Now over 40,000 international medical professionals and almost half a million citizens have signed the Great Barrington Declaration to demand the reopening of national economies and to bring lockdowns to an end. Rather than trying to protect society, first we must break down the restrictions and burdens to free movement. This is part of a larger movement to demand that honest science, objective media coverage and collective compassion can begin to rebuild broken lives and forgive debt. The elite and their political ideologues claim it cannot be done. To the contrary Bush and Obama found it within their means to bail out corporate America, and Trump later followed suit. The scandal that should outrage every citizen is that these are the same privileged elite, their mega-firms and banking institutions who brought the Recession upon us by their own irresponsible debt and foolish decisions; ergo, the Federal Reserve and your tax dollars made them whole again. But sadly no small or personal business benefited from the bailout’s payback bribes.  History is about to repeat itself. It is time we declare we have had enough of our kakistocracy – a government run by the worst, least qualified and most incompetent citizens of the nation – and to sincerely mean it.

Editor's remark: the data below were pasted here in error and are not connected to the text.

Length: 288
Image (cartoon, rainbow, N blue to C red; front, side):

The Gary Null Show - 10.19.20

The Gary Null Show - 10.19.20

October 19, 2020

The Gary Null Show is here to inform you on the best news in health, healing, the environment. Protective effects of blueberry anthocyanin extracts on hippocampal neuron damage induced by extremely low-frequency electromagnetic field. Looking for new ways to fuel athletic performance? Try a potato! Research finds that blue-light glasses improve sleep and workday productivity. The therapeutic effects of ginseng against Alzheimer’s disease. Meditation can counter mental stress on college campuses, experts say. 

The Gary Null Show -  10.16.20

The Gary Null Show - 10.16.20

October 16, 2020

A Scientific Look at Botanical Plants and Supplements Against Coronavirus

Richard Gale and Gary Null PhD

Progressive Radio Network, March 10, 2020

 

In recent weeks, the coronavirus pandemic has dominated the news at the expense of everything else that is critical and urgent in our lives. As panic increases and more cases are reported daily, health-minded people are eager or even desperate to know whether there are ways to strengthen the body's immune system to offer some protection from this specific upper respiratory infection. 

There are six known strains of coronavirus, four which are associated with the common cold or moderate respiratory infections. Everyone has likely had a coronavirus infection at some time in their lives. However, two strains -- Severe Acute Respiratory Syndrome or SARS and Middle East Respiratory Syndrome (MERS) -- are more severe. Between the years 2002-2004 and 2014-2018 these strains respectively were observed to be lethal. However, during these periods, total deaths were under one thousand. SARS has the ability to infect the lower respiratory system as well. The current strain being called Covid19 is a new mutation that is being recognized as a novel SARS. As of this writing, the current coronvirus has been attributed to over 4,000 deaths, the large majority among the elderly. In a recent press conference the Surgeon General remarked that the average age of death was 80.